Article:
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A journey of faith in the midst of Asperger’s

God and I have a strange relationship.  I don’t call often; he rarely returns my messages.  We exist as any other dysfunctional family, estranged parent and child who seek each other only in times of great need.  Sure, we get together on special occasions: holidays, funerals, global crises.  We exchange polite pleasantries interspersed with uncomfortable pauses in the dialogue, the quiet thick and heavy like the morning fog.  I don’t know how things ended up this way.  We were close—once.

We grew apart.  He lost interest, tired of me always calling upon Him to satisfy my every whim and fancy: Please, God, let him call me.  Lord, help me lose these last 10 pounds so I can fit into my jeans.  God, if you help me get this job, I promise to never ask for anything again.  Dear Lord, let the plane take off safely. I’m not ready for the end.  These pleas seemed innocuous, harmless requests for my maker, yet time and time again, He met my requests with a blank stare.  He refused to answer.  I waited, paced the years searching for His response. The line between us screamed with silence; He just wasn’t there.

In my early years, I believed in the miracle of God.  Each night, I knelt in reverent prayer, my tiny hands clasped at my chest, eyes upturned to the ceiling, whispering my devotion into unseen ears.  I imagined His domain existing just beyond a blazing horizon, meadows filled with smiling sunflowers stroked by fingers of sunlight, crystalline waters tumbling from hilltops crusted with diamonds of dew.  He sat atop His throne of thunderheads, white hair flowing, folds of his golden robes unfurled like the ocean’s endless waves.  Souls congregated at His feet, seeking passage into Heaven.  He obliged all who came to Him, drawn from the weeds into the warmth of His love, fulfilled their every prayer, if they followed the rules, professed their devotion, welcomed Him into their heart—how absurd.

God is no hero.  He’s fallible.  He works too many jobs in order to make ends meet.  He forgets His children’s names, buys birthday presents two weeks too late, forgets it’s His day to carpool.   Like any other overworked parent, His ability to meet all needs for His family falls well short of their expectations.  In turn, his children resent Him, defy His rules of the home in an effort to gain His attention, fill their hearts with hatred for Him.  The relationship deteriorates.  He hides Himself away from the animosity while the children indulge in every desire He warned against in their early years.  They spew words of discontent and aggression that find their way to Him: “He’s a terrible father.  He’s never here for me.  I raised myself while He remained absent from my life.  I never really knew Him.”  He lost control of His family long ago.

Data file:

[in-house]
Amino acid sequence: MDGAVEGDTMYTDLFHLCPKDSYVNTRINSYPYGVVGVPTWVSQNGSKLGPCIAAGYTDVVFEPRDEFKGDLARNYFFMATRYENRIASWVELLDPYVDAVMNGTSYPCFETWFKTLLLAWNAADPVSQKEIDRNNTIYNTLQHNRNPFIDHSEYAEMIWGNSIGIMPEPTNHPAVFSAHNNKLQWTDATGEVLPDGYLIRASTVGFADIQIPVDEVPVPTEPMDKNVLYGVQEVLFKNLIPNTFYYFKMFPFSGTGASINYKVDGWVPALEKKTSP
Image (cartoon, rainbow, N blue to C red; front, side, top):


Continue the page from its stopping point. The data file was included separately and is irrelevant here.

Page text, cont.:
I, too, cursed His name.  Suffering through a difficult adolescence and an unfavorable start to my adulthood, my faith deteriorated at a continual pace.  Where I once held God in the highest regard, by the time I reached my thirties, He existed as little more than a passing thought.  I went through the motions of “proving” my devotion, attending church on the obligatory holidays, saying grace before meals, wearing my grandmother’s cross around my neck, but these acts of faith were nothing more than empty promises to a false idol.  I had more important things to do than waste my time talking to someone unwilling to listen.  I stopped searching for God, certain he abandoned me.